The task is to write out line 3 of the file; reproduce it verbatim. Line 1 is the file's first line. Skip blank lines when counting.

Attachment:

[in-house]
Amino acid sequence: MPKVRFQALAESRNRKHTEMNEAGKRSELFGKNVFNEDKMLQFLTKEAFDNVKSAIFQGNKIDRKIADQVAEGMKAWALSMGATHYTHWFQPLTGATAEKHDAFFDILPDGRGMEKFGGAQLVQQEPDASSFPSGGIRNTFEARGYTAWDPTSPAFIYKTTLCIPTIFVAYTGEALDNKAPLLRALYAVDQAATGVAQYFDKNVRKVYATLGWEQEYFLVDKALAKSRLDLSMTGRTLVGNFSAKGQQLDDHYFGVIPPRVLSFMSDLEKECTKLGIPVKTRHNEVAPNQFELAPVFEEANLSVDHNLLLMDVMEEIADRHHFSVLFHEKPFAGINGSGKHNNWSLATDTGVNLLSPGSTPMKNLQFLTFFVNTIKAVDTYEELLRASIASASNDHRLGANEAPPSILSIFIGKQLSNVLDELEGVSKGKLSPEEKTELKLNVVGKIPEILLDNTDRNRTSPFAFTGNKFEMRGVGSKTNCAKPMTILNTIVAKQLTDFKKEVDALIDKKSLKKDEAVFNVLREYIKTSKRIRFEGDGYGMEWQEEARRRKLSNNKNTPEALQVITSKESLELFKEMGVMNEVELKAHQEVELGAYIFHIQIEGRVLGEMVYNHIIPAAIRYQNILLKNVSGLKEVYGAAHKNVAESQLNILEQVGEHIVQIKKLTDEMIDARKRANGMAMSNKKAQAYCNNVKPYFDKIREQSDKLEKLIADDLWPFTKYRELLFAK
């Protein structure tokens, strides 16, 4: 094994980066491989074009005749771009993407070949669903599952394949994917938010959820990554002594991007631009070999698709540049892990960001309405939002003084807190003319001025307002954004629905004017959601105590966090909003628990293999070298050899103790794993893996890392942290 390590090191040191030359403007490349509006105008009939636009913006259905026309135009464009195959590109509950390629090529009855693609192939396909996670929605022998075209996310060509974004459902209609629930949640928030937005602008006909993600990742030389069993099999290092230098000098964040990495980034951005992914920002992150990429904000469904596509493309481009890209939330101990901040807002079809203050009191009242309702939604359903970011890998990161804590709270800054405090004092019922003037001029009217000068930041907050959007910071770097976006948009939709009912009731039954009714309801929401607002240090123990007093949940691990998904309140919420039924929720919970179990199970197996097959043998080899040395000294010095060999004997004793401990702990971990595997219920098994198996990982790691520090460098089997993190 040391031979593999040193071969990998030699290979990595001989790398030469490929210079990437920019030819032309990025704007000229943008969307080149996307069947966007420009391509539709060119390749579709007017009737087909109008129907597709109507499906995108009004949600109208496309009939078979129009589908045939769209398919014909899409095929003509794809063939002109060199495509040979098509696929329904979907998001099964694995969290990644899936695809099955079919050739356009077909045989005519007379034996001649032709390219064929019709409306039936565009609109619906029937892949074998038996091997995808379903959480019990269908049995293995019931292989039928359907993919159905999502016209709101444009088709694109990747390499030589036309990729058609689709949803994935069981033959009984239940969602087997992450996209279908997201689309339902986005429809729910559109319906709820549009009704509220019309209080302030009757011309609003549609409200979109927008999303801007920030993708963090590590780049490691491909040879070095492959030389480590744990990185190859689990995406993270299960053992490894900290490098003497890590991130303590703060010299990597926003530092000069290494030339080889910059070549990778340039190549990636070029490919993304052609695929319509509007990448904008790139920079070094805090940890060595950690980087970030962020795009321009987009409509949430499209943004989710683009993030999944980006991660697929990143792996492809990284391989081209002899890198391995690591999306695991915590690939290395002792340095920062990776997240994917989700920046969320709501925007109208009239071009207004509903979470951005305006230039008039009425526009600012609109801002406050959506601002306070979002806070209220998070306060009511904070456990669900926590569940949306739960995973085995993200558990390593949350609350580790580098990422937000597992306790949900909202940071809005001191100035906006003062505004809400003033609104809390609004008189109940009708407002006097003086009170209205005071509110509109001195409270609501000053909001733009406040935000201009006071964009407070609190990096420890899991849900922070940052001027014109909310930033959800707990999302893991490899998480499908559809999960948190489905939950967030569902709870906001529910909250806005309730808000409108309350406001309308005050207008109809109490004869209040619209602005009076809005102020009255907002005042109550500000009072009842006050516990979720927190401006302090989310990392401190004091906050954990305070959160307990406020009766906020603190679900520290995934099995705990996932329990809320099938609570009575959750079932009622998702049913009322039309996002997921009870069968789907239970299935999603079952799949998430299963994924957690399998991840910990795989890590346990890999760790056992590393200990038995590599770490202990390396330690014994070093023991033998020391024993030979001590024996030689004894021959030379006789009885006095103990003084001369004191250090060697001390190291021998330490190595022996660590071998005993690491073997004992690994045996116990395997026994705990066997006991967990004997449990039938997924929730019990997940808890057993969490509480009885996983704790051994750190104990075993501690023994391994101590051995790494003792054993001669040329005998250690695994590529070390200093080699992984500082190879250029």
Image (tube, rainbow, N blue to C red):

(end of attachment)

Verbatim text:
């Protein structure tokens, strides 16, 4: 094994980066491989074009005749771009993407070949669903599952394949994917938010959820990554002594991007631009070999698709540049892990960001309405939002003084807190003319001025307002954004629905004017959601105590966090909003628990293999070298050899103790794993893996890392942290 390590090191040191030359403007490349509006105008009939636009913006259905026309135009464009195959590109509950390629090529009855693609192939396909996670929605022998075209996310060509974004459902209609629930949640928030937005602008006909993600990742030389069993099999290092230098000098964040990495980034951005992914920002992150990429904000469904596509493309481009890209939330101990901040807002079809203050009191009242309702939604359903970011890998990161804590709270800054405090004092019922003037001029009217000068930041907050959007910071770097976006948009939709009912009731039954009714309801929401607002240090123990007093949940691990998904309140919420039924929720919970179990199970197996097959043998080899040395000294010095060999004997004793401990702990971990595997219920098994198996990982790691520090460098089997993190 040391031979593999040193071969990998030699290979990595001989790398030469490929210079990437920019030819032309990025704007000229943008969307080149996307069947966007420009391509539709060119390749579709007017009737087909109008129907597709109507499906995108009004949600109208496309009939078979129009589908045939769209398919014909899409095929003509794809063939002109060199495509040979098509696929329904979907998001099964694995969290990644899936695809099955079919050739356009077909045989005519007379034996001649032709390219064929019709409306039936565009609109619906029937892949074998038996091997995808379903959480019990269908049995293995019931292989039928359907993919159905999502016209709101444009088709694109990747390499030589036309990729058609689709949803994935069981033959009984239940969602087997992450996209279908997201689309339902986005429809729910559109319906709820549009009704509220019309209080302030009757011309609003549609409200979109927008999303801007920030993708963090590590780049490691491909040879070095492959030389480590744990990185190859689990995406993270299960053992490894900290490098003497890590991130303590703060010299990597926003530092000069290494030339080889910059070549990778340039190549990636070029490919993304052609695929319509509007990448904008790139920079070094805090940890060595950690980087970030962020795009321009987009409509949430499209943004989710683009993030999944980006991660697929990143792996492809990284391989081209002899890198391995690591999306695991915590690939290395002792340095920062990776997240994917989700920046969320709501925007109208009239071009207004509903979470951005305006230039008039009425526009600012609109801002406050959506601002306070979002806070209220998070306060009511904070456990669900926590569940949306739960995973085995993200558990390593949350609350580790580098990422937000597992306790949900909202940071809005001191100035906006003062505004809400003033609104809390609004008189109940009708407002006097003086009170209205005071509110509109001195409270609501000053909001733009406040935000201009006071964009407070609190990096420890899991849900922070940052001027014109909310930033959800707990999302893991490899998480499908559809999960948190489905939950967030569902709870906001529910909250806005309730808000409108309350406001309308005050207008109809109490004869209040619209602005009076809005102020009255907002005042109550500000009072009842006050516990979720927190401006302090989310990392401190004091906050954990305070959160307990406020009766906020603190679900520290995934099995705990996932329990809320099938609570009575959750079932009622998702049913009322039309996002997921009870069968789907239970299935999603079952799949998430299963994924957690399998991840910990795989890590346990890999760790056992590393200990038995590599770490202990390396330690014994070093023991033998020391024993030979001590024996030689004894021959030379006789009885006095103990003084001369004191250090060697001390190291021998330490190595022996660590071998005993690491073997004992690994045996116990395997026994705990066997006991967990004997449990039938997924929730019990997940808890057993969490509480009885996983704790051994750190104990075993501690023994391994101590051995790494003792054993001669040329005998250690695994590529070390200093080699992984500082190879250029």